3) I'll dig a hole and do a non-concrete markup to figure out what I need for bracket length. 
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AA4PB
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« Reply #5 on: April 15, 2013, 08:25:11 AM »

Be sure you leave gravel in the bottom of the hole so that the ends of the tower are open and can drain out any water condensation that collects inside the legs. Make sure the liquid concrete can't enter the ends of the legs.

When I did my bracketed tower I built it up to the bracket height, then got everything connected to the bracket and leveled before I poured the concrete. It's more important that the tower be level and properly aligned with the bracket than it is that it be "precisely" centered in the concrete. The base on a guyed 25G is intended to handle the downward force on the tower and prevent it from sinking into the ground. They guys convert the sideways pressure from the wind into a downward pressure. They guys also need to be properly tensioned (per Rohn specs) in order to prevent the tower from twisting with large boom/element antenns (the A3 for example). Rohn makes a tortion bar that helps prevent twisting - although it is probably not really needed with your planned antennas.

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KB1TXK
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« Reply #6 on: April 17, 2013, 03:51:43 AM »

As well as remembering the gravel....would it be a bad idea to ram an 8' rod in the bottom of the hole, right where one of the legs will be? Slide tower leg on it, weld outside of rod to inside of tower leg.  Direct connection between tower and ground, but plugs one of the tower legs. I can fill that leg w/ foam (from the top of ground rod to above-ground level, maybe there is an option for a _small_ hole to drain water at that point?  I feel this would be an improvement over copper strap at 90-ish degree angles connecting to an external ground rod (4' higher than in-hole rod).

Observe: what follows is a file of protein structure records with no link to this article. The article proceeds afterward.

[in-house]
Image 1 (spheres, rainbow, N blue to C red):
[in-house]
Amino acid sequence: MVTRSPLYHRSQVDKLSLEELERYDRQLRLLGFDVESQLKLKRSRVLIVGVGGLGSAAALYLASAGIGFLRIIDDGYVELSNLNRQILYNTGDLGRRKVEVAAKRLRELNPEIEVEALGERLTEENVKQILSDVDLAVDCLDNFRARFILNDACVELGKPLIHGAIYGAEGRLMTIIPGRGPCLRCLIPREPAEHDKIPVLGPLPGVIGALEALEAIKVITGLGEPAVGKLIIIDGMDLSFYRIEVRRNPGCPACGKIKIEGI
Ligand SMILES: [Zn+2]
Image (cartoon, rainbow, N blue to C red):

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K1CJS
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« Reply #7 on: April 17, 2013, 04:19:30 AM »

...It's more important that the tower be level and properly aligned with the bracket than it is that it be "precisely" centered in the concrete....

Precisely?  Who said that?  All I said was centered--in other words you really don't want to pour a 4' x 4' block and have the tower legs inches from two sides--and two and a half feet (+/-) from the other two.
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K1CJS
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« Reply #8 on: April 17, 2013, 04:23:23 AM »

As well as remembering the gravel....would it be a bad idea to ram an 8' rod in the bottom of the hole, right where one of the legs will be? Slide tower leg on it, weld outside of rod to inside of tower leg.  Direct connection between tower and ground, but plugs one of the tower legs. I can fill that leg w/ foam (from the top of ground rod to above-ground level, maybe there is an option for a _small_ hole to drain water at that point?  I feel this would be an improvement over copper strap at 90-ish degree angles connecting to an external ground rod (4' higher than in-hole rod).

Not such a good idea.  Maybe the ground would be better, maybe not.  The real problem is that a _small_ hole will get plugged, maybe sooner, maybe later--and if you make the hole big enough to be sure it isn't, you're going to weaken the tower leg.  I wouldn't take the chance.
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AA4PB
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« Reply #9 on: April 17, 2013, 05:57:00 AM »

I said "precisely"  Grin  If I hadn't then someone here would have come back and said "the concrete may crack if you locate the tower only 2" from one side". My point was that (to me) it makes more sense to set the tower the proper distance away so that I can use a standard Rohn bracket rather than randomly setting the tower in place and then have to design and build a custom bracket.

As for ground rods, I would put in three, one connected to each leg and located a foot or two from the concrete base. I like to keep the connections and wire above ground where it's easy to inspect and ensure tight connections over the years.
« Last Edit: April 17, 2013, 06:00:08 AM by AA4PB » Logged